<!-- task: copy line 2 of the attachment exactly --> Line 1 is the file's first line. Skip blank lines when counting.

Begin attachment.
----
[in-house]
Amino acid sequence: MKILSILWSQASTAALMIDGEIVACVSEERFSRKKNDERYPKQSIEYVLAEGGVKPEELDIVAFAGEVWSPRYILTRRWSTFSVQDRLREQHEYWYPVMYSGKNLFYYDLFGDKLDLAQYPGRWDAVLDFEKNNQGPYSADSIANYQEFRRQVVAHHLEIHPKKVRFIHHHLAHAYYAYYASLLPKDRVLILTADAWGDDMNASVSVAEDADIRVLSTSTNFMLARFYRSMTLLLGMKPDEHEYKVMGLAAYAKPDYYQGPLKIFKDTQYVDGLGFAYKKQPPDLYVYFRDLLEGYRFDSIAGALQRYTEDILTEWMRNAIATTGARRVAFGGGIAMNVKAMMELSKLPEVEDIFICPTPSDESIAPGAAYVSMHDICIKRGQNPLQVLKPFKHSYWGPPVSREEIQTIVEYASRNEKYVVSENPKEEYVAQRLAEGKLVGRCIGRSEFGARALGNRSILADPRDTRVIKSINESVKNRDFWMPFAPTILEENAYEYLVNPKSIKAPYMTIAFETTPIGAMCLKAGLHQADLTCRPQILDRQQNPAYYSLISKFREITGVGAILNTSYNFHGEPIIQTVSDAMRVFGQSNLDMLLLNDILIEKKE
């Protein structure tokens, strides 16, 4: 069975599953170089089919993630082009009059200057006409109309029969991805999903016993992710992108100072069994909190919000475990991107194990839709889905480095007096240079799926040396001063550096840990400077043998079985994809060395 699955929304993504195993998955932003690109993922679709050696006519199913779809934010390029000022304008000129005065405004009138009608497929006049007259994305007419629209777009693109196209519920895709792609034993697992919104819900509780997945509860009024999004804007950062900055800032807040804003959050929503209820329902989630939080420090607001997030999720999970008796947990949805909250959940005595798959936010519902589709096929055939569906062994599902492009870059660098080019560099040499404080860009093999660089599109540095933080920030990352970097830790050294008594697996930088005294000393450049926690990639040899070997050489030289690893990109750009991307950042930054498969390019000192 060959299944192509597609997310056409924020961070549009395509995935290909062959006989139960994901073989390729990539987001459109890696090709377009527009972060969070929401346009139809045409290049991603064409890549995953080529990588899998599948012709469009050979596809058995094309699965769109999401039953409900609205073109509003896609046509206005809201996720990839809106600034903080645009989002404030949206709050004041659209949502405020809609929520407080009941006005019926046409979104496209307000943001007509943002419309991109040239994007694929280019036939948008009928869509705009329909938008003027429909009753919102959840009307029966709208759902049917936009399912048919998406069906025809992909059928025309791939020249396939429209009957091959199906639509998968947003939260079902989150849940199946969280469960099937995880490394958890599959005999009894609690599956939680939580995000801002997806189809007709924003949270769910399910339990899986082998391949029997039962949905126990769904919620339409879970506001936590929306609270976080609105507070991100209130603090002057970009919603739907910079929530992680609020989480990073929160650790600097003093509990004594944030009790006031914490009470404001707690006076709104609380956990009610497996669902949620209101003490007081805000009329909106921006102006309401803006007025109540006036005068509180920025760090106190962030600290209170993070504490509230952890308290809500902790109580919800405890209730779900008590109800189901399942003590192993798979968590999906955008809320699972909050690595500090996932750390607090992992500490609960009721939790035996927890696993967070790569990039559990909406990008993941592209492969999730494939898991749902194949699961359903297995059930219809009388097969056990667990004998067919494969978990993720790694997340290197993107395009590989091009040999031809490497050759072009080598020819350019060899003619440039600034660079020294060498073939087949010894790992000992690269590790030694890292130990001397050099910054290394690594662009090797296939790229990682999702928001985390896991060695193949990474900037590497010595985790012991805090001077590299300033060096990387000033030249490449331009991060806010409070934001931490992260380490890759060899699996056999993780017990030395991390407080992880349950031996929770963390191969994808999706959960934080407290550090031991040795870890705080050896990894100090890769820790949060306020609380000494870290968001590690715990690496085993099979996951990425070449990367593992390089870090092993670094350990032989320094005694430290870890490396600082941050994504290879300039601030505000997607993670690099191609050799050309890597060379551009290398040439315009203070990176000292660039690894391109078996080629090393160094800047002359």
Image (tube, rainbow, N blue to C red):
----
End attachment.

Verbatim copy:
Amino acid sequence: MKILSILWSQASTAALMIDGEIVACVSEERFSRKKNDERYPKQSIEYVLAEGGVKPEELDIVAFAGEVWSPRYILTRRWSTFSVQDRLREQHEYWYPVMYSGKNLFYYDLFGDKLDLAQYPGRWDAVLDFEKNNQGPYSADSIANYQEFRRQVVAHHLEIHPKKVRFIHHHLAHAYYAYYASLLPKDRVLILTADAWGDDMNASVSVAEDADIRVLSTSTNFMLARFYRSMTLLLGMKPDEHEYKVMGLAAYAKPDYYQGPLKIFKDTQYVDGLGFAYKKQPPDLYVYFRDLLEGYRFDSIAGALQRYTEDILTEWMRNAIATTGARRVAFGGGIAMNVKAMMELSKLPEVEDIFICPTPSDESIAPGAAYVSMHDICIKRGQNPLQVLKPFKHSYWGPPVSREEIQTIVEYASRNEKYVVSENPKEEYVAQRLAEGKLVGRCIGRSEFGARALGNRSILADPRDTRVIKSINESVKNRDFWMPFAPTILEENAYEYLVNPKSIKAPYMTIAFETTPIGAMCLKAGLHQADLTCRPQILDRQQNPAYYSLISKFREITGVGAILNTSYNFHGEPIIQTVSDAMRVFGQSNLDMLLLNDILIEKKE